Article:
Originally Published: January 14, 2005 - Last Updated / Reviewed On: March 21, 2014
I have recently started a low-sodium diet to lose water weight. I have one burning question though... Does salt substitute make you retain water like salt does or not? It tastes very similar but it is potassium instead or sodium chloride. Please help me.
The simple answer to your burning question is no, salt substitute will not make you retain water like salt does. As you had mentioned, salt substitute is different from salt because it contains potassium chloride instead of sodium chloride. Sodium chloride is a water-soluble molecule, which means that a high salt intake will cause your body to hold onto excess water. The same is not true of potassium chloride, which hasn’t been shown to cause water retention.
However, salt substitute is not a good option for everyone. Too much potassium in the body can build up in your kidneys and can cause damage. For individuals on certain medications, particularly to treat heart, kidney, or liver conditions, using potassium chloride may contribute to potassium retention. For these folks, salt substitutes are not recommended.
So, what are some other options for reducing your salt intake? Try experimenting with your cooking (or maybe start cooking more often — over 75 percent of the salt we eat comes from processed foods and eating out!). Instead of adding salt to your food, try using lemon juice, garlic, or garlic powder. Dress up your meals with fresh herbs like rosemary, tarragon, mint, or sage, and expand your horizons with spices like peppercorn, chili, and paprika.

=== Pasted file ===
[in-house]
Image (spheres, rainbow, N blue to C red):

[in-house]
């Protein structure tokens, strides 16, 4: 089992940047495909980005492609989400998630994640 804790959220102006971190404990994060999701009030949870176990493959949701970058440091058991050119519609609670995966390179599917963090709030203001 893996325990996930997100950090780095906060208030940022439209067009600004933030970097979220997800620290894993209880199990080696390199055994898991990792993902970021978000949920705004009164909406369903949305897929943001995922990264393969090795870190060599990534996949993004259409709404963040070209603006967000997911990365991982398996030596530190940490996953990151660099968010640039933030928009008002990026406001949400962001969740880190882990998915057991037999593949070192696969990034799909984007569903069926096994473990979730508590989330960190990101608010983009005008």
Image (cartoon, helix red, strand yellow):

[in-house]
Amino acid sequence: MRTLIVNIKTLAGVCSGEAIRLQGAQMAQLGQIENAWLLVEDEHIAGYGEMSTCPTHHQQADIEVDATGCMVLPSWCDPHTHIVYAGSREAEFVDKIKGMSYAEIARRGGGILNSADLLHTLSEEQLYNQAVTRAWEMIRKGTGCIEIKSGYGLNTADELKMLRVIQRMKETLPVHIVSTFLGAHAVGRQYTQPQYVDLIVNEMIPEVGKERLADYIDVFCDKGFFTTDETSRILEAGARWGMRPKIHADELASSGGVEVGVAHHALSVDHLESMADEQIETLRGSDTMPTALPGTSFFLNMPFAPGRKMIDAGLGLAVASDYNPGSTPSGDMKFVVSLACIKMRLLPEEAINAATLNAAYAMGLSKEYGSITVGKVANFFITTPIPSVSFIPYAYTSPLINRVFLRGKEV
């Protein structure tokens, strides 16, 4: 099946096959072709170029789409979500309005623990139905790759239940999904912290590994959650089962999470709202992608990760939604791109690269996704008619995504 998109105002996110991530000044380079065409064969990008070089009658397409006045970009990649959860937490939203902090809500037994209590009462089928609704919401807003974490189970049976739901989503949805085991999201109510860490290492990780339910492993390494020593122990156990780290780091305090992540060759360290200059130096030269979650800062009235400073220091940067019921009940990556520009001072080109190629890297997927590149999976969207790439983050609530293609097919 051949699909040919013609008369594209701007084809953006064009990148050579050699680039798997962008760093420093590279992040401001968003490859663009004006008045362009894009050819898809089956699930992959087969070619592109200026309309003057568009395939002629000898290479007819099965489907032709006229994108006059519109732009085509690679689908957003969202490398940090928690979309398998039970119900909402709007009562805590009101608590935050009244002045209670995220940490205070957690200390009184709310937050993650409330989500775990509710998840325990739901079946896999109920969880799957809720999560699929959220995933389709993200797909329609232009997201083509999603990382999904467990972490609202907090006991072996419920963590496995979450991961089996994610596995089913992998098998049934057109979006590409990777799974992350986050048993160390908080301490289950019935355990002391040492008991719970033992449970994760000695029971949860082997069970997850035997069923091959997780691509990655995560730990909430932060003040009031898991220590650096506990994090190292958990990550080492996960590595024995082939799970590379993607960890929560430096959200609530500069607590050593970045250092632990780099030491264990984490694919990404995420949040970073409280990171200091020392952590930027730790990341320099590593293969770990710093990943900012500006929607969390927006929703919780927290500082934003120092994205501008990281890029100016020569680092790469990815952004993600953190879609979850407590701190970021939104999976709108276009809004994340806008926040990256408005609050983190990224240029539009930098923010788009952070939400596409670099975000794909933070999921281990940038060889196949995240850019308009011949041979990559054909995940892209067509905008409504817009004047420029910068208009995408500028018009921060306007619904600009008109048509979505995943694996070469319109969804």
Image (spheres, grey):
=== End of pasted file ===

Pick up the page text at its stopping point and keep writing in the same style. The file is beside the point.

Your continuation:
It's also a good idea to play close attention to food labels. If a product is labeled “sodium free” or “salt free,” this means it contains less than 5mg of sodium per serving. “Reduced sodium” means that the product contains at least 25 percent less sodium than the regular version. But buyer beware: some products still have very high levels of sodium to begin with. For example, a cup of reduced sodium chicken soup might be labeled “low sodium,” but that reduction could be from 500mg to 300mg, which is still a lot of sodium for one serving! “Lite” means that the product contains at least 50 percent less sodium than the regular version, and “no salt added” or “unsalted” means there hasn’t been any extra salt added. But again, beware: sodium doesn’t only come from salt; many other ingredients are also high in sodium. Try to steer clear of products that include ingredients like monosodium glutamate (MSG) and baking soda (sodium bicarbonate).
As you explore your new food choices, you can check out the Get Balanced Guide for Healthier Eating for tips on healthier eating. You might also consider talking with a health professional before making major changes to your diet. If you’re a Columbia student, you can make an appointment to speak with a registered dietitian for nutrition counseling or to speak with a health care provider at Medical Services (Morningside) or the Student Health Service (CUMC).
The good news is that salt is an acquired taste – by slowly reducing the amount of salt in your diet, you will gradually rely on it less. Over time, some salted foods might even taste too salty for you!